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Appaji A.C.,M S Ramaiah Medical College | Kulkarni R.,M S Ramaiah Medical College | Kadaba J.S.,Vydehi Institute of Medical science
Journal of Clinical and Diagnostic Research | Year: 2013

Nonrotation of intestine is a congenital abnormality of the midgut which is due to error in the process of rotation. Errors in the 2nd and 3rd stage of rotation can lead to series of abnormalities in the form of malrotation and reversed rotation. As a consequence, the relative position of other organs likes caecum, intestine, meckel's diverticulum changes. This can lead to missing diagnosis of common clinical conditions such as appendicitis. The incidence of nonrotation is 1:500. The congenital abnormality appears to be rare as this could be an incidental abnormality. The symptoms of nonrotation of intestine could be biliary vomiting, recurrent abdominal pain. This could be due to midgut volvulus and intestinal obstruction which happens as a consequence of nonrotation of the intestine. The investigations used for detection and confirmation are CT Imaging. Other associations of nonrotation of the intestine are peritoneal bands. Here we report a case of nonrotation of intestines. In the cadaver of age around 70 years, the small intestinal loops was situated in the right side of the abdominal cavity and large intestine looped on the left side of the abdominal cavity. This was also associated with aberrant position of the caecum and appendix. There were associated peritoneal bands extending from the ascending colon to the left side the abdominal wall. The bands had been removed to visualize the large intestinal loops.


Chakraborty A.,Vydehi Institute of Medical science | Devi B.R.K.,Regional Institute of Medical science | Sanjebam R.,Regional Institute of Medical science | Khumbong S.,Regional Institute of Medical science | Thokchom I.S.,Regional Institute of Medical science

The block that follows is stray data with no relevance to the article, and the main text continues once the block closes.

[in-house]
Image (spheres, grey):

Indian Journal of Pharmacology | Year: 2010

Objective : Spilanthes acmella Murr. (Family: Compositae) is a herb that grows throughout the tropics. It is used in the treatment of rheumatism, fever, sore throat, and hemorrhoids. A tincture of the flowers is used to relieve toothache. The leaves and flowers produce numbness of the tongue when eaten as salad. The present study was undertaken to evaluate the local anesthetic and antipyretic activities of S. acmella in experimental animal models. Materials and Methods : Aqueous extract of S. acmella Murr. (SAM) was tested for local anesthetic action by (i) intracutaneous wheal in guinea pigs and (ii) plexus anesthesia in frogs. In both the models, 2% xylocaine was used as the standard drug. The anti-pyretic activity was determined by yeast-induced pyrexia in rats. Aspirin 300 mg/kg was used as the standard drug. Result : The test drug in concentrations of 10% and 20% produced 70.36% and 87.02% anesthesia respectively by the intracutaneous wheal compared to 97.22% anesthetic effect produced by 2% xylocaine (P<0.001). The mean onset of anesthesia with the test drug was 5.330.57 min compared to 2.750.31 min (P<0.001) for the standard drug in the plexus anesthesia model. In the anti-pyretic model, ASA in doses of 100, 200, and 400 mg produced dose-dependent reduction in mean temperature at various hours of observation. Conclusion : The present study shows that SAM has significant local anesthetic and antipyretic activities.